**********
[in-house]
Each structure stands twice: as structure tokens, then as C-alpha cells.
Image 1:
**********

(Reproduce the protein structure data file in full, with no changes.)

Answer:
[in-house]
Each structure stands twice: as structure tokens, then as C-alpha cells.
Image 1: